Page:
Rhino Wrangled: Ensuring a Species Survival
If you love an image (whether it's yours or someone else's) and want to make sure others get a chance to see it, you can “feature” it by choosing the “Spotlight” button.
When an image is Spotlighted, it receives enhanced visibility in premium spots throughout the site. Spotlighted images are rotated through these higher-visibility positions to ensure the best opportunity for the images to be seen by JPG users.
If you see a great photo that would make a perfect entry for one of our Shoot Out photo contests but it was uploaded by another user, now you can enter that photo in the contest and, if it wins, you get to share in the contest winnings.
Like a photo editor, if you've got an eye for great work, find it and submit it to a contest. If it wins, since you staked the entry fee, you'll take home part of the prize (the rest, of course, goes to the member who shot the image).
Collections are a JPG+ feature. You must be a JPG+ member to create new collections and to add photos to collections.
Sign up for JPG+ to start using collections now!
Photo license: © All rights reserved
The Mkhaya Game Reserve in central Swaziland is dedicated to the preservation of the white and black African rhinocerous. In the 21st century you can only find rhinos in protected areas. The Northern African white has been decimated by civil war and poaching. Last count is there are two left in the Congo. The Indian one horned species is similarly threatened in Nepal and India. One way to insure this ancient mammal's survival is to transplant breeding individuals to new protected areas. In 2006 I traveled to Swaziland to work on the preserve. Three bachelor rhinos were captured and transported to a new game park in South Africa, wrangled much the same way any grazing animal is. You simply need a larger rope, some very good drugs and a few more warm bodies.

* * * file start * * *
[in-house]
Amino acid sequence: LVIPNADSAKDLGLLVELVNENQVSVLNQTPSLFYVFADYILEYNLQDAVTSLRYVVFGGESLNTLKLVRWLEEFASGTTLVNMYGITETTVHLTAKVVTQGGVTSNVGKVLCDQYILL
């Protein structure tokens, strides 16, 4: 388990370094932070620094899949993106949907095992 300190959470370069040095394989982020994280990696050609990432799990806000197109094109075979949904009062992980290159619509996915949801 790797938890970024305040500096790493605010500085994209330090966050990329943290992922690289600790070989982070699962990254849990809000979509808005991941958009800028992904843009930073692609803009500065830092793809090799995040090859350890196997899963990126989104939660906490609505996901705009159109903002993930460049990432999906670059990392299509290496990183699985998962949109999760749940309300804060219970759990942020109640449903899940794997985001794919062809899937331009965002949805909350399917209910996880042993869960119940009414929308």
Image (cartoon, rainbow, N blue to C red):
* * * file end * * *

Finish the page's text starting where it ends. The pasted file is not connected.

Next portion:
One Sunday afternoon in May, Mick Reilly, Mkhaya's manager (in the floppy hat that has seen better days) and his staff of dedicated rangers led a 3 year old male to new citizenship and fresh females across the Swaziland/South African border. These efforts will ensure the continued presence of rhinos on our planet.
Also by N. Chrystine Olson
Please Login or Sign Up
Login or Sign Up
Need contest credits? Get 'em here!
Payments are processed by PayPal and you will be automatically forwarded to PayPal to complete your transaction. It may take a few minutes after you complete your transaction for you contest credits to update. We will send an email to your registered email address once we have received a successful transaction from PayPal and updated you credits.
Select a Shoot Out contest credit package below.